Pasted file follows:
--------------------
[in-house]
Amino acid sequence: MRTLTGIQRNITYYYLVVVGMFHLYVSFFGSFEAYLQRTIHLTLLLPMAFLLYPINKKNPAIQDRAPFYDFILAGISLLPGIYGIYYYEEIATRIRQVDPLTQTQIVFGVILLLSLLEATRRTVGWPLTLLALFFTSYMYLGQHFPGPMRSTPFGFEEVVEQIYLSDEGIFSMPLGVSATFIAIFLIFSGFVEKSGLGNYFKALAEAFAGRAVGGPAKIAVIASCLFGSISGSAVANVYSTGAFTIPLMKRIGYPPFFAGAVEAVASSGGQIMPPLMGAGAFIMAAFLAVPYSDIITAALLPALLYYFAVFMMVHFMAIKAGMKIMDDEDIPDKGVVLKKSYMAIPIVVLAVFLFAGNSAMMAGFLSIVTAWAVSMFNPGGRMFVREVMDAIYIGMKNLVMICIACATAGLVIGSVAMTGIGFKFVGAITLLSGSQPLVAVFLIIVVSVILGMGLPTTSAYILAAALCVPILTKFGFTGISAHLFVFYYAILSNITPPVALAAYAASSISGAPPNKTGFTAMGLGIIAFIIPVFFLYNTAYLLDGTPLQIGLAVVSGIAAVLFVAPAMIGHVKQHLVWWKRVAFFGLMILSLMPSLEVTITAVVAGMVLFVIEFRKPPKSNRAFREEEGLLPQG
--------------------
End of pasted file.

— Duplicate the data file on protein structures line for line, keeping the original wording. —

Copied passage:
[in-house]
Amino acid sequence: MRTLTGIQRNITYYYLVVVGMFHLYVSFFGSFEAYLQRTIHLTLLLPMAFLLYPINKKNPAIQDRAPFYDFILAGISLLPGIYGIYYYEEIATRIRQVDPLTQTQIVFGVILLLSLLEATRRTVGWPLTLLALFFTSYMYLGQHFPGPMRSTPFGFEEVVEQIYLSDEGIFSMPLGVSATFIAIFLIFSGFVEKSGLGNYFKALAEAFAGRAVGGPAKIAVIASCLFGSISGSAVANVYSTGAFTIPLMKRIGYPPFFAGAVEAVASSGGQIMPPLMGAGAFIMAAFLAVPYSDIITAALLPALLYYFAVFMMVHFMAIKAGMKIMDDEDIPDKGVVLKKSYMAIPIVVLAVFLFAGNSAMMAGFLSIVTAWAVSMFNPGGRMFVREVMDAIYIGMKNLVMICIACATAGLVIGSVAMTGIGFKFVGAITLLSGSQPLVAVFLIIVVSVILGMGLPTTSAYILAAALCVPILTKFGFTGISAHLFVFYYAILSNITPPVALAAYAASSISGAPPNKTGFTAMGLGIIAFIIPVFFLYNTAYLLDGTPLQIGLAVVSGIAAVLFVAPAMIGHVKQHLVWWKRVAFFGLMILSLMPSLEVTITAVVAGMVLFVIEFRKPPKSNRAFREEEGLLPQG